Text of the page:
There are many things that college guys do when they are short on sleep but not short on creativity. In one such instance, J.R. and I were having a conversation with the illustrious Matt Basinger, we touched on the topic of winning. You may have heard the cliché “Winning isn’t the most important thing in life” or “Winning isn’t everything” before. As we discussed winning, we came to agree. Winning definitely isn’t the most important thing in life. It’s third. Right after eating and sleeping. But why stop there? We created an entire foot-in-mouth err, I mean tongue-in-cheek list of the top most important things in life. And now I present it to the world, in all it’s majesty.
The Most Important Things in Life
- True Love
- The Simpsons
March 2001 – Laser Tag Score Sheet
Y2K. I bet you got tired of hearing those two letters and that number. I know I sure did. Two-digit computer years—oh no! The world is going to collapse upon itself! Stock up on duct tape, water, and snow shovels! Hunker down in your fallout shelter! What a bunch of hooey. And yes, I stated that it was a bunch of hooey before all the hype fizzled into nothingness on January 1st and nothing happened.
Well it took until over a year later, but I finally found a real-life occurrence of the Y2K bug! Really! On Laura Scherschel’s birthday, a bunch of us came out to Spokane to chill with her. That night, we went out for a fun game of laser tag. Check out the Laser Quest score sheet from our game at the left. That’s right. According to the zoomed portion, our laser tag game took place on March 21st, 20101 at 9:11 PM. Whoops.
I guess Laser Quest should have stocked up more duct tape.
October 2001 – Another Poem
I didn’t write this poem. But I like it. A portion of it is quoted in the movie Groundhog Day, by Andie MacDowell. I found a printout of it in the closet, and felt like sharing it here. Enjoy.
Breathes There the Man
Sir Walter Scott
Breathes there the man with soul so dead,
Who never to himself hath said,
“This is my own, my native land!”
Whose heart hath ne’er within him burn’d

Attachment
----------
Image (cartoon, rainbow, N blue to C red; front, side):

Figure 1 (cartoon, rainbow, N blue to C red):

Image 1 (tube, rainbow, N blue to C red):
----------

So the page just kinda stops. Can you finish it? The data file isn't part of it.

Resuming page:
As home his footsteps he hath turn’d
From wandering on a foreign strand?
If such there breathe, go, mark him well;
For him no Minstrel raptures swell;
High though his titles, proud his name,
Boundless his wealth as wish can claim;
Despite those titles, power, and pelf,
The wretch, concentred all in self,
Living, shall forfeit fair renown,
And doubly dying, shall go down
To the vile dust from whence he sprung,
Unwept, unhonor’d and unsung.
November 2001 – Pumpkins Photograph
Last but certainly not least, I will share with you this gem of a picture. Taken by one Miss Laura Scherschel at her lovely apartment in the fall of 2001, contained within you will see J.R., his sister Erin, and myself. The small pumpkins that we are holding were a part of the party activities for the evening. Erin carved a happy pumpkin. I carved an angry sneaking pumpkin. J.R. continued his illustrious pumpkin-carving tradition and carved another in a long line of barfing pumpkins. Unfortunately however, there were only enough mini-pumpkins for each of us to carve one, and so J.R.’s barfing pumpkin was unable to be portrayed as also being consumed by another pumpkin.
In the picture, each of us is attempting as best we can to make the same face as our pumpkins. I have always really liked this picture. To really appreciate the affect, you’ll need to click on the picture to view a larger version. It really is grand.